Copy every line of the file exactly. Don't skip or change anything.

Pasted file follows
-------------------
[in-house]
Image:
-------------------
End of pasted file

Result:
[in-house]
Image: